Sometimes, employees of one company may end up temporarily doing work for another company. If they are injured during the course of that work, who picks up the tab?
Generally, the employer that carries the employee on the payroll and that controls the way the work is done is the one on the hook.
Recent case: Thomas Victor was injured when a crane used to move steel beams fell on him. At the time, he was working for Steel Style, helping unload steel beams for another company, Perini Corp. Steel Style had Victor on the payroll and supervised everything that went on the day of the injury.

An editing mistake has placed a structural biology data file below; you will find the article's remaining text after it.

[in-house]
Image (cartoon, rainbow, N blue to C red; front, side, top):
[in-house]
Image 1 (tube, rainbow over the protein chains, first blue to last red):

The Workers’ Compensation Board concluded Steel Style was responsible, even if the work was done for Perini’s benefit. (Victor v. Steel Style, No. 504770, Supreme Court of New York, Appellate Division, 2008)
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